Is the web analytics world getting you down? I think for many, it is. I’ve heard a lot of feedback on the WAA board and the WAA in general, the state of analytics in your company and in business, the frustrations in our community, etc.
It is a little discouraging. For me, too.
Here are a few things I think are big problems.
1) You are underestimating yourselves.
What do you think separates you from the CEOs, COOs, entrepreneurs, and other “successful” people in the world (both financially and in terms of how valuable these people are perceived to be)? What makes stock traders so valuable? What causes consultants to demand such high salaries? Why is that VP you can’t stand in that role?
Is it luck? Is it nepotism? Age? A result of them acting like jerks to everyone?
But it’s also experience in situations where big decisions are being made. For better or for worse, these people make decisions get made. Note: I am not saying they make the right decisions or produce the best outcomes. They simply get it done. In the post-mortem, maybe they were right, maybe they were wrong. But the more frequently you make decisions, the more frequently you have the opportunity to make good decisions and benefit from them.
Note again, I didn’t say “quickly.” I said “frequently.” Making big decisions quickly is stupid. Making big decisions often is vital.
Some web analytics people think they are in the business of right/wrong or good/bad. Nope. We are in the business of using the data caused by decisions to cause new decisions as frequently as possible. The more quickly we can generate information (an inevitable result of decisions), look at that information, and make new decisions, the more successful we are. Avinash uses the phrase, “Fail faster,” pretty often, and this is what it’s all about. Productive failure is a result of action. Stop trying to pre-research everything from every angle in an effort to avoid failure, because inaction is also failure, and it’s nonproductive failure. It’s the most consciously-controlled form of failure in the world.
The data you make is better than the data you get. Start making data. Cause decisions to get made.
2) You’re passionate about the wrong things.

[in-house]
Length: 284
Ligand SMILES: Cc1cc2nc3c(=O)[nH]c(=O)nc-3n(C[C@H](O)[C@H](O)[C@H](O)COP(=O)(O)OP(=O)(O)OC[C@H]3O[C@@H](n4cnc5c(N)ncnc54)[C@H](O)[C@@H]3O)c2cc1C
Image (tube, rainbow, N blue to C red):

You know what Roger Federer wants to do? Kick ass. He doesn’t care about the string tension on his racquet, the type of rubber on his shoes, or the moisture-wicking properties of his shirt, unless it helps him kick ass. If some engineer comes up to him talking about synthetic string composition, Roger’s life just got a lot less interesting. If that same engineer comes up and tells Roger he has an idea about how to kick more ass, however, Roger is all ears.
We’re going to have to build some rapport with the people you’re trying to prod into making more decisions. We spend way too much time talking about our tools, technologies, techniques, data sources, etc. — things these people shouldn’t even know to care about. And most people in our trade have experienced the wrath of teaching executives to care about these things: have you ever had big decisions put on hold while the company is stuck trying to work out data integrity issues, even when the discrepancy won’t change the outcome?
Learn to lead with ass kicking.
3) You call yourselves specialists.
I don’t know who wrote the book that said everyone needs to “specialize” in something to be successful. That’s a total load of crap. Yes, you should get very good at something, that will help. But getting good at something in a vacuum makes you completely clueless how your particular role fits into the production. People argue about practically everything today because they have almost no appreciation for other peoples’ viewpoints and goals.
Ask yourself, “Does that sound like us?”
No, it doesn’t sound like us at all.
Unlike almost everyone else we work with, our success isn’t tied to any one discipline or effort. The more we can help the company compromise between specialists, the better we are. The more we can appreciate the balance between conflicting goals (rather than bullying one or the other), the more successful our business becomes. The less of a specialist we are, the more valuable we become.
So stop calling yourself a specialist. That’s a label that is counterproductive to your success.
A better future is ahead.
I definitely share some frustration about various associations, obstacles, etc. But until we can become the type of people who truly respect ourselves and our abilities, we can’t expect anyone else to. And until we understand that decisions, not rightness, are what drive success, our efforts will plink off of corporate armor, our salaries will remain depressed and un-linked to outcomes, and our reputation as nerdy data-fetchers or tool implementers will remain.
In our day-to-day, we have opportunities to to change this momentum. We can show the world that we are about one thing and one thing only: getting stuff done. Not analyzing it, not reporting it, not charting it: DOING it. Follow up on your analysis and make sure that a real life action is taken. You can’t fail.